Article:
Landscape management and nature conservation have to meet requirements that arise from a growing importance of communication and participation in planning processes. In this context a more effective design of planning processes through the use of information - and communication techniques are part of the institutes' research interest. Against the background of strategic environmental research and European integration main questions deal with the future development of landscape planning and with further modalities and increased acceptance of other instruments, such as the impact regulation (§ 18 BNatSchG and §1 BauGB). However the realisation of nature conservation aims and their evaluation remain in the focus of considerations.
The department of regional planning and regional science is employed with the contentional, and methodological questions of urban -, regional - and state planning. The research can be assigned to three focal topics:
- Effectiveness of planning with the focus on institutional and organisational questions
- Regional development and regional self-governance
- Planning methodology and environmental informatics
Process conservation is the key word of nature conservation and landscape ecology. The integration on the different levels of landscape planning and its beneficial involvement in cultural landscapes are priority issues. They are accompanied by questions concerning the functionality of the biotope networks. The ever faster proceeding changes in landscape, for instance on the edge of conurbations or in low mountain ranges, require deliberations how and where nature conservation can and has to think and act more flexible.
Within vegetation management the effects of anthropological changes are in the focus of considerations. How do plants and their biocenoses adapt to urban conditions and its dynamics? What are the consequences of changes of anthropological flora and site conditions for nature conservation and landscape management, for their vision statements, evaluation criteria and instruments? Synergies and conflicts between nature conservation and forestry are another issue. Due to high maintenance costs, special attention has to be paid to the question, how we include (natural) dynamics of systems into nature conservation strategies and practical nature conservation work.
Bioengineering raises the question about ecological connections concerning the use of natural materials for securing techniques and as habitat. Furthermore it is examined, which biotechnical characteristics of plant species are useful for bioengineering preservation measures, beyond traditional techniques and which new opportunities open up, if ornamental plants are used for preservation and design aspects in urban areas.
What forms the beauty of a landscape? How can it be captured, preserved and developed to a value in the general awareness? How can landscape planning help to implement a beautiful visual landscape? How do historical cultural landscape elements contribute to the beauty and character of landscapes? These questions are pursued in the area of nature - and landscape experience, recreation - and tourism planning. Also included in this research field are questions of village development in past, present and future and the confrontation with clichés of the "old village" and of rusticity or rural atmosphere. Furthermore it is examined how and to which extend nature and landscape are stressed by recreational uses and tourism. There is a need for practical approaches that reduce touristic interferences. A further focus is formed by the questions about impacts of sport activities on nature and landscape and its environmentally friendly design.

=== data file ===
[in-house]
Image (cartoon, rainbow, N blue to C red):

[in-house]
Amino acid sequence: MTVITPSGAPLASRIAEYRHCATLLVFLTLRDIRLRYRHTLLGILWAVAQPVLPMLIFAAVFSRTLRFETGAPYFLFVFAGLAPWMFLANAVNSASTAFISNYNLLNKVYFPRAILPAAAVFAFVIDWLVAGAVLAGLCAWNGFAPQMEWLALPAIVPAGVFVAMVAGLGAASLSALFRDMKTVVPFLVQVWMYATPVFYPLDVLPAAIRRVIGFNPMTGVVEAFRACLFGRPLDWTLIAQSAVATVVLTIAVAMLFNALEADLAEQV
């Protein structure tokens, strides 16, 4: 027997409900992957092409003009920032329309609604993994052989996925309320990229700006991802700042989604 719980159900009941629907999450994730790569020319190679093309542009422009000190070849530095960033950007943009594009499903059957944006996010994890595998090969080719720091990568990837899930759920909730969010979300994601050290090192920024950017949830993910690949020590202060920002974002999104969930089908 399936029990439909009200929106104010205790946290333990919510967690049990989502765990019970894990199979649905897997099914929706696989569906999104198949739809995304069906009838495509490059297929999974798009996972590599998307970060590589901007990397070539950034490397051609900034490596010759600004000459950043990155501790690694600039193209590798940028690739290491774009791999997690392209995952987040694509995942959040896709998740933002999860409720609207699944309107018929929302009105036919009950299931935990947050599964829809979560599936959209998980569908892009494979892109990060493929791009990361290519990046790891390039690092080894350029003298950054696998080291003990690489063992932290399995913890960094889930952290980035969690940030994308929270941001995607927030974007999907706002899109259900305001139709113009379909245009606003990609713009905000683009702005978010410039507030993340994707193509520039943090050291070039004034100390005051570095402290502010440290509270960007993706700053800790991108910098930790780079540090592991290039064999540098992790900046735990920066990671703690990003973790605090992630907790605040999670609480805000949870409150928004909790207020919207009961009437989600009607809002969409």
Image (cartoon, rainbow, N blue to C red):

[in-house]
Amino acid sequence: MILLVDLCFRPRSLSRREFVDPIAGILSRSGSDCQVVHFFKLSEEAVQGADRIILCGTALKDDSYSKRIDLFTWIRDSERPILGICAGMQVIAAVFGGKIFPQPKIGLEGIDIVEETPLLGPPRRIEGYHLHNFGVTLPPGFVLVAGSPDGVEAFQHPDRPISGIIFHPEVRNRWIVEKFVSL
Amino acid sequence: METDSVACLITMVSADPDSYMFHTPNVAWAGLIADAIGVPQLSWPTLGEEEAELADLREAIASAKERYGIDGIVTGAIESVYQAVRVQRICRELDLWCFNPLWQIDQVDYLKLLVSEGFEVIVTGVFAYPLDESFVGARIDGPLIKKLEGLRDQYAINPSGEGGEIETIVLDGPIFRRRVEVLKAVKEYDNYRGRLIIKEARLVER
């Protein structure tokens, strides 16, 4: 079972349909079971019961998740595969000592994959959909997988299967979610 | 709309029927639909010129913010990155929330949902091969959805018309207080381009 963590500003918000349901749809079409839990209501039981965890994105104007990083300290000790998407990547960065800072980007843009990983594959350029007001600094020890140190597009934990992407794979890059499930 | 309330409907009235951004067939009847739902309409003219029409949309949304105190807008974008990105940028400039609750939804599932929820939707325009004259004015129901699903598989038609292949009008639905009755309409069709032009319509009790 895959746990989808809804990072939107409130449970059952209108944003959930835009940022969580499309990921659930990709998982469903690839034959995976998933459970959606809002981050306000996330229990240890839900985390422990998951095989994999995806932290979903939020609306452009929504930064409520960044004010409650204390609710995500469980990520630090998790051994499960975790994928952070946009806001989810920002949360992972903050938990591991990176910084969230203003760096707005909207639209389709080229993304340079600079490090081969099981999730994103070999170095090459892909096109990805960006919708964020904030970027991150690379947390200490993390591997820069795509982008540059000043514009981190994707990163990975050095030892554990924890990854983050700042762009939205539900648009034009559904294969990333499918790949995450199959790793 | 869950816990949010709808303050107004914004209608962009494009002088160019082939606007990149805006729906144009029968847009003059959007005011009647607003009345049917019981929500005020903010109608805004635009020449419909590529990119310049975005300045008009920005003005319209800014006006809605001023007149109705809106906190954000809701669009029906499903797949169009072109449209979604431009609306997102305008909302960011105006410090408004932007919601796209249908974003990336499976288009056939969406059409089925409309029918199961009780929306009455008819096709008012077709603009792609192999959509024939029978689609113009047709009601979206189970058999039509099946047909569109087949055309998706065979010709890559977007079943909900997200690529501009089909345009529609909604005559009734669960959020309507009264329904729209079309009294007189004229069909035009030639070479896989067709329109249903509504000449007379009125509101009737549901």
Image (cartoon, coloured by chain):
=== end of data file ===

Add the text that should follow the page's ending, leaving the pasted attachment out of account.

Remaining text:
Communication, public relations and environmental education are tasks with a variety of associated questions. Which forms of public relations and environmental education can be used for the different target groups in nature conservation and landscape planning? Which use of media is adequate? Questions of principle are raised with regard to new technologies and are an issue for the near future. Further subjects encompass new perspectives of education by means of interactive learning methods and telelearning as well as the institutional knowledge management.
Geographical information systems and remote sensing techniques are also a future oriented and promising research area at the Institute of Environmental Planning. It is examined, which possibilities are offered by the use of aerial and satellite based remote sensing techniques for data collection in the interests of landscape planning and nature conservation. A special attention is drawn to radar-based remote sensing techniques that contribute to aspects of environmental monitoring.